Hardware-Enabled Security Primitives
Internet of Things (IoT) are expected to bring unprecedented impacts to many industrial sectors and people’s daily lives, creating trillion-dollar economic impacts. Most IoT applications (e.g. smart home/car/factory/city) require collecting, processing, and transmitting a huge amount of private, sensitive, or safety-critical data. Security and privacy issues are widely regarded as the most critical challenges to the adoption of IoT. Securing ubiquitous devices not only face new challenges at application and network layers due to new applications, heterogeneous networks, and the huge number of devices, but also face severe constraints on computing resources, power consumption, cost, and vulnerabilities to physical and firmware attacks in edge devices. Thus, holistically designing edge devices with specialized hardware for security is of paramount importance. Typically, a minimum set of trusted hardware and software dedicated to providing fundamental security primitives for a device, named Hardware Root of Trust (HRoT), is embedded to protect device authenticity, data confidentiality and integrity, system integrity, and network availability. A full-fledged HRoT (e.g. Pluton from Microsoft and Titan from Google) consists of a random number generator, secure key management, cryptographic protocol accelerators, and a tiny host processor. Desired features of HRoT include high energy efficiency, small area, low cost, alertness and resistance to side-channel and (semi-)invasive physical attacks.
Physically Unclonable Functions (PUF):
PUFs are among the most promising security primitives for low-cost solutions of key storage, chip authentication, and supply chain protection. We work on novel physical entropy extraction methods to provide better security protection with lower power and cost overhead.
True Random Number Generator (TRNG):
Silicon TRNGs harvesting entropy from physical sources are demanded for higher security level and system integration. We work on novel TRNG designs, as well as by designing new entropy extraction concepts and circuits.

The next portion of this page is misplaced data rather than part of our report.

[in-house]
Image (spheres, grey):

Energy-/Memory-Efficient Network Intrusion Detection:
Today’s IoT systems are plagued with security problems: as evidenced by the infamous Mirai botnet, among other high-profile incidents, these devices are susceptible to a range of adversarial attacks, many of which gain entry by remote exploits. Compared to traditional computer networks, decentralized and distributed IoT systems face new vulnerabilities raised in drastically different networks and applications, as well as computing and energy bottlenecks, especially when the exponentially increasing network traffic is considered. Network intrusion detection systems (NIDS) are highly desirable for IoT networks to monitor and react to potential attacks by detecting known attack signatures and/or anomalies in the traffic. Signature-based NIDS identifies known attacks by regular expression matching like Snort, while anomaly-based NIDS is capable of alerting new and modified attacks by finding outliers from expected network traffic models. They are complementary and provide best coverage when used together. While the computing model for the two types of NIDS are quite different, deploying them in de- centralized IoT edge and gateway devices face similar bottlenecks on energy and memory usage.
To overcome these challenges, we work on algorithm/architecture/circuit co-designs to improve the computing efficiency by 10-100 times over microcontrollers, with the ultimate goal of making these NIDS affordable in IoT sensor nodes.